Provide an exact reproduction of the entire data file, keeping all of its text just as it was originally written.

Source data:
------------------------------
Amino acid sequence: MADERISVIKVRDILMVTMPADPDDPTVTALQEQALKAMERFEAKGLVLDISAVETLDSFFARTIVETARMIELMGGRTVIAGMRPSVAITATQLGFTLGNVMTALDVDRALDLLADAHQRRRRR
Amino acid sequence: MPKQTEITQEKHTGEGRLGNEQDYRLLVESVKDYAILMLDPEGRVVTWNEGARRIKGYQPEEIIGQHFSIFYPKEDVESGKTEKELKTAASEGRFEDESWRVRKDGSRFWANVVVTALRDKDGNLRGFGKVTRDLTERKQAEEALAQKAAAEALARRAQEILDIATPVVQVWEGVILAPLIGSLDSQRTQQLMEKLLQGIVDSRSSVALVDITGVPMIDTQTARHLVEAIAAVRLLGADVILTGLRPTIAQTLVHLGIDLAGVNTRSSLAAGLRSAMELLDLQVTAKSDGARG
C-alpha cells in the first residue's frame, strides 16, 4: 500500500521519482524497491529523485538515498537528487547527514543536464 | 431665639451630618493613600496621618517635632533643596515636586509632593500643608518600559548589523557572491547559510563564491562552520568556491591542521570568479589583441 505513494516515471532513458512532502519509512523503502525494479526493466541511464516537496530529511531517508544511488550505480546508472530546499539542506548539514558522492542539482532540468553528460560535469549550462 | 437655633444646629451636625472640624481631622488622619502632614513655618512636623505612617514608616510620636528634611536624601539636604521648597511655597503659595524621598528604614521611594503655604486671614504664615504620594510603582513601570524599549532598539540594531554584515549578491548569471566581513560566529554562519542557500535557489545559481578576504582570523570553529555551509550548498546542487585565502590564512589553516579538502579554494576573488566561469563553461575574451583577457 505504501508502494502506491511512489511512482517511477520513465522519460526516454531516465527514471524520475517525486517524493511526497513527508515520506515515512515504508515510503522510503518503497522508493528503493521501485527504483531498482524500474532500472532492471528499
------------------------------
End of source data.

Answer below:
Amino acid sequence: MADERISVIKVRDILMVTMPADPDDPTVTALQEQALKAMERFEAKGLVLDISAVETLDSFFARTIVETARMIELMGGRTVIAGMRPSVAITATQLGFTLGNVMTALDVDRALDLLADAHQRRRRR
Amino acid sequence: MPKQTEITQEKHTGEGRLGNEQDYRLLVESVKDYAILMLDPEGRVVTWNEGARRIKGYQPEEIIGQHFSIFYPKEDVESGKTEKELKTAASEGRFEDESWRVRKDGSRFWANVVVTALRDKDGNLRGFGKVTRDLTERKQAEEALAQKAAAEALARRAQEILDIATPVVQVWEGVILAPLIGSLDSQRTQQLMEKLLQGIVDSRSSVALVDITGVPMIDTQTARHLVEAIAAVRLLGADVILTGLRPTIAQTLVHLGIDLAGVNTRSSLAAGLRSAMELLDLQVTAKSDGARG
C-alpha cells in the first residue's frame, strides 16, 4: 500500500521519482524497491529523485538515498537528487547527514543536464 | 431665639451630618493613600496621618517635632533643596515636586509632593500643608518600559548589523557572491547559510563564491562552520568556491591542521570568479589583441 505513494516515471532513458512532502519509512523503502525494479526493466541511464516537496530529511531517508544511488550505480546508472530546499539542506548539514558522492542539482532540468553528460560535469549550462 | 437655633444646629451636625472640624481631622488622619502632614513655618512636623505612617514608616510620636528634611536624601539636604521648597511655597503659595524621598528604614521611594503655604486671614504664615504620594510603582513601570524599549532598539540594531554584515549578491548569471566581513560566529554562519542557500535557489545559481578576504582570523570553529555551509550548498546542487585565502590564512589553516579538502579554494576573488566561469563553461575574451583577457 505504501508502494502506491511512489511512482517511477520513465522519460526516454531516465527514471524520475517525486517524493511526497513527508515520506515515512515504508515510503522510503518503497522508493528503493521501485527504483531498482524500474532500472532492471528499